The dark side of yoga

This article should be required reading for all yogis: How Yoga Can Wreck Your Body – NYTimes.com.

I have been lucky in that I’ve never been injured from doing yoga since I started practicing in 1982. I’ve only had muscle soreness, but never severe or lasting more than a day. Doing yoga from a book was risky, but it taught me to pay attention to my own experience.

I’ve been lucky to have had good teachers. Eleanor Harris would never have students do shoulder stand with the neck bent ninety degrees to the torso, as described in this article.

Instead, we would fold blankets and our mat to create an elevated cushioned ledge for the shoulders to rest on with the head resting on the floor a couple of inches below. Afterwards, we would rest on our backs with support under our necks. We also did prep poses before attempting sarvangasana.

Let your awareness of your body’s limits be your primary guide, and beware of any teacher who would override you.

Some people naturally have very flexible bodies. It seems that a lot of these people, to whom yoga comes easily, become yoga teachers and end up setting the bar for the rest of us.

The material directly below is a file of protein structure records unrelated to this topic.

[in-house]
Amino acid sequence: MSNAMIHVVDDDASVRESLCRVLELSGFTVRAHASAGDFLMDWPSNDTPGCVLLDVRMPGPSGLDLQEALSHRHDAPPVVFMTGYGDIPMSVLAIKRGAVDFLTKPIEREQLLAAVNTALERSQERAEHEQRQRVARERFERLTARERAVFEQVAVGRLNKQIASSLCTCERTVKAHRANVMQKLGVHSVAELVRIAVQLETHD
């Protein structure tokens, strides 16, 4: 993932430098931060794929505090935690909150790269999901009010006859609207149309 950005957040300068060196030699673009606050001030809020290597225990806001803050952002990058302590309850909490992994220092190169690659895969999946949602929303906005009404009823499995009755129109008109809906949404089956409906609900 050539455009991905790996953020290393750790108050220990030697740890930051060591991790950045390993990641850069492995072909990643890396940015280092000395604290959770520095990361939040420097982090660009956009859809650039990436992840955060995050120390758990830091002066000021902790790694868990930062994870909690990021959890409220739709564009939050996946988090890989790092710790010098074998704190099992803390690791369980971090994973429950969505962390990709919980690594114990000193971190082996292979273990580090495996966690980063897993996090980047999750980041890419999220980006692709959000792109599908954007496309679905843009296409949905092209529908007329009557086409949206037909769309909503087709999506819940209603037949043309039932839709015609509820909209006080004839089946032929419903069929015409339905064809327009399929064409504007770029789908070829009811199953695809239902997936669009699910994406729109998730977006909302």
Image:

I am fairly flexible but am unable to do lotus pose, arm balances, and several other advanced poses. I’m okay with that. I don’t feel like I have to prove anything by doing advanced poses. Still, after working toward it for an hour (or a lifetime), it is a thrill to finally do hanumanasana. I understand the desire to deepen one’s yoga practice.

I’m happy with the yoga I can do, happy to make small  increments of progress, which these days has as much to do with my own body awareness as it does with achieving an external form.

Most of my yoga studies for the past few years have been with Iyengar-certified and Anusara-inspired teachers, who tend to focus on anatomy and form.

I like how yoga keeps me flexible enough, how the poses open up my meridians so that my energy flows with more ease. I simply feel better during my off-mat life because of yoga, and if the day ever comes that I don’t, that’s the day I stop doing it.

Besides reading this article, I also recommend that yoga students and teachers watch the video Anatomy for Yoga with Paul Grilley, which clearly shows the range of flexibility in the bodies of yogis. It will make you feel better if you can’t get your arms straight in wheel pose.

An excerpt is available on YouTube:

2 thoughts on “The dark side of yoga

  1. MaryAnn, thank you for this. My body says “no way” to headstands, handstands, bridges, wheels, back bends, and certain other yogic poses. For years I saw this as a shortcoming and felt “not okay” with this,. But I’m now beginning to understand and accept that it is due to my natural physiology.

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